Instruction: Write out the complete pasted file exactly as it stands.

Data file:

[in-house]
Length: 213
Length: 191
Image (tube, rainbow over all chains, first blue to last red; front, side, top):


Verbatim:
[in-house]
Length: 213
Length: 191
Image (tube, rainbow over all chains, first blue to last red; front, side, top):